Harvard mathematics Ph.D

  • #26
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Well, of course there is an obvious difference between fields like algebraic topology and fields like biostatistics. Someone in algebraic topology is seeking to answer questions of mathematics. Someone in biostatistics is seeking to answer questions of biology, and using mathematics to do it.
I can't talk too much about biostatistics since I'm not a biostatistician, but I do know something about the relationship between physics, computer science, and mathematics and the dialog goes in both directions. In order to do anything with computational physics you have to develop some new math.

When someone asks about a mathematics PhD, he almost surely is not thinking of biostatistics.
And I think that's a problem. The trouble is that (especially with undergraduates and high school students) the question they are asking and the assumptions that are making aren't the ones that the *should* be asking and making.

If the OP knew about the Harvard programs in biostatistics and applied mathematics, and didn't want to apply, that's fine. However, my guess is that the OP didn't know that those programs existed. One problem with physics and mathematics is that people have a highly distorted idea of what physicists and mathematicians do because they have stereotypes that involved zooming in on one aspect of mathematics. Getting rid of those stereotypes means questioning those assumptions.

All this other stuff is just not relevant to the question, regardless of your philosophical views on what is mathematics.
Sometimes you have figure out what the real question is. I can't say for certain who the original poster is, but the question that he is asking is pretty typical of people in high school, and usually when that question is asked, the asker is really asking something else like "what should I do with my life?" "do I have any hope of being a mathematician?"
 
  • #27
Of course, one can choose either pure or applied mathematics Ph.D program.
 
  • #28
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They expect some combination thereof along with the ability to think.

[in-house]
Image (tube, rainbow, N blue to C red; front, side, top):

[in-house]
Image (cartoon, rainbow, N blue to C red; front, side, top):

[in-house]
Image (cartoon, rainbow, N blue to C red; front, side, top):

I think that would matter at all since it is a Ph. D Program and high school performance probably wont matter if you have a good research history as an undergrad.
 
  • #29
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In the end, you got to apply to know.
 
  • #33
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we have a winner
I was actually convinced that CV was a joke before finding numerous references to the person on the web. It still seems fishy to me.
 
  • #34
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I was actually convinced that CV was a joke before finding numerous references to the person on the web. It still seems fishy to me.
What part of it, the triple bachelors at MIT? I just accepted it as true because I've seen some of the other posts by the person who posted it and he seems like a pretty decent guy. o_O
 
  • #36
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What part of it, the triple bachelors at MIT? I just accepted it as true because I've seen some of the other posts by the person who posted it and he seems like a pretty decent guy. o_O
Haha, glad to know that I'm a decent guy. *shrugs*
 
  • #37
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That resume had a lot of extraneous information though. Who puts down stuff like "National AP Scholar" and "valedictorian at high school" on their resume after grad school other than to list as many awards as possible? Not considering the graduate work/scholarships/distinctions, I'd say http://web.mit.edu/yufeiz/www/cv.pdf still has a better undergraduate resume. Three-time Putnam fellow!? That's all you really need.
 
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  • #38
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What part of it, the triple bachelors at MIT? I just accepted it as true because I've seen some of the other posts by the person who posted it and he seems like a pretty decent guy. o_O
No, it was the massive list of awards that made me think it was a joke, both because it's so implausible for someone to get so many awards and because it's silly to list some of the ones that were listed.
 
  • #39
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Wissner-Gross seems more impressive to me than Zhao, but that could be because Wissner-Gross is a fellow Germanic. :approve:
 
  • #40
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Well, I'd argue that if you've managed to clinch top 5 in the Putnam competition once, you have good odds of repeating the feat (and certainly why they'd select you into the team for the next year!) and I wouldn't be surprised if you have some other mathematical publications/experiences/awards. This is a trend with IMOs as well. More classic examples (who got in the Harvard 'mathematics PhD' program, to stay on topic) if you really like the Putnam:

http://web.mit.edu/rwbarton/Public/resume.pdf
http://www.math.harvard.edu/~dankane/ [Broken]
http://www.claymath.org/fas/research_fellows/Manolescu/cv.pdf

On the other hand, AWG's CV is sort of like a career grand slam.

But of course, this is all in light-hearted discussion and to have some fun looking at other people's resumes. I don't mean to start a serious discussion on what awards garner most prestige, which is a rather silly endeavor.
 
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